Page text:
The magnificent relationship: A tribute where it is due
The Sri Lanka College of Paediatricians (SLCP) celebrates its 25th birthday in 2021, the same year as the Royal College of Paediatrics and Child Health (RCPCH) of the United Kingdom. In cricketing parlance, we just about beat them to it, albeit only by just a few months.
The SLCP is the continuum of its much-respected forerunner, the Ceylon Paediatric Association, originally initiated in 1953, and which became the Sri Lanka Paediatric Association in 1972. Today our membership has grown from just a few in the 1950s to nearly 500 dedicated paediatricians serving in Sri Lanka and abroad. I am ever so proud, and seminally privileged, to be the 61st President of this august institution, with a dazzling track record right up to this Silver Jubilee year.
In the 1940s there were no designated paediatricians in Sri Lanka. Child health was an appendage of adult medicine, in deference to a belief that children were indeed miniature adults. Child mortality rates were sky-high. Then came along the set of the very first Sri Lankan paediatricians who were trained in the United Kingdom. It started a cascade of events where successive generations of paediatricians were trained in the UK on various aspects of paediatrics. These dedicated clinicians were the torchbearers who changed the landscape of Sri Lankan child healthcare. With those British-trained paediatricians putting their collective shoulder to the wheel, the scenario started to change in the country.Slowly, but surely, a new era in paediatric care began to unfold in Sri Lanka.
In a fast-forward manoeuvre of this tale, from 1996 itself, the SLCP started to develop more and more meaningful ties with the RCPCH. A dedicated senior examiner was sent from the RCPCH every year to maintain the required standards of the MD (Paediatrics) examination of the Postgraduate Institute of Medicine in Sri Lanka. That degree, the cornerstone for a career as a Consultant Paediatrician, was the crowning glory for a Sri Lankan paediatrician. Then the RCPCH started to facilitate the successful candidates to come over to the UK, get their GMC registration and be trained in the finer aspects of paediatric care before they returned to Sri Lanka as Consultant Paediatricians in the Sri Lankan National Health Service.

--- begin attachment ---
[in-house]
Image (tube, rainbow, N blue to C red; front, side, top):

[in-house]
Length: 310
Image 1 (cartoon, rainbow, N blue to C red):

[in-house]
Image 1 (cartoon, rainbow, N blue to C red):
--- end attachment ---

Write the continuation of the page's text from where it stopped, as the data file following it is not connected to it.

The child mortality rates started to come down from the dizzy heights of the 1950s. Our rates at present are considered to be some of the lowest among developing countries. We are acclaimed the world over as a shining example of a country that has achieved so much with so few of the necessary resources. In that perspective, we owe the RCPCH an incomparable debt of gratitude.
When Sri Lanka started to develop paediatric sub-specialties, the RCPCH was right behind us. One of the first sub-specialties was the neediest: neonatology. At that time, a large chunk of child mortality was due to neonatal deaths. When our neonatologists started to come back to Sri Lanka after their two years of training in centres of excellence in the UK, our neonatal mortality rates started to come down from double to single digits.
From a personal perspective, I was one of the trainees who benefitted from the relationship between the RCPCH and SCLP. I trained in paediatric gastroenterology and endoscopy at John Radcliffe Hospital, Oxford, in 2002, under that great clinician and researcher Professor Peter Sullivan. He trained me on basic research concepts as well. As for me, the rest is history. We started research ventures in paediatric functional gastrointestinal disorders and started the first medical paediatrician-driven endoscopy service in the country, as well as the first dedicated paediatric gastroenterology clinic in Sri Lanka. We look after children with a plethora of bowel disorders and liver diseases. I was also able to publish a few key articles on childhood constipation in the Archives of Disease in Childhood, the flagship journal of the RCPCH. I am greatly beholden to the RCPCH for all that I have achieved in my professional life.
There are many more paediatricians in Sri Lanka who could write reams of their stories of success that they have achieved through the fostering association with the RCPCH.
All these were possible due to just one reason: the excellent relationship that we have between our two colleges. I believe our rapport will grow even stronger as the two institutions mature. There is a lot more to be done through this connection in the future. We need the crucial support of the RCPCH to develop our speciality and look forward to learning from the expertise of the RCPCH to improve and lead the way to achieve excellence in child healthcare in Asia when we celebrate our 50th birthday together.
We wish the RCPCH a very happy birthday this year. May our links go from strength to strength.